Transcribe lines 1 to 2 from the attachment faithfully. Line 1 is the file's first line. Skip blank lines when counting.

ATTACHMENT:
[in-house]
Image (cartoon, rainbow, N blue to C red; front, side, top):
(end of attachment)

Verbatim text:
[in-house]
Image (cartoon, rainbow, N blue to C red; front, side, top):